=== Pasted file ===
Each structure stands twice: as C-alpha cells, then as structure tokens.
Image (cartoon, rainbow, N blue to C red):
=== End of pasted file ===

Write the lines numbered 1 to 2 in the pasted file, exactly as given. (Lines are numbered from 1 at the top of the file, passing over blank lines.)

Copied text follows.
Each structure stands twice: as C-alpha cells, then as structure tokens.
Image (cartoon, rainbow, N blue to C red):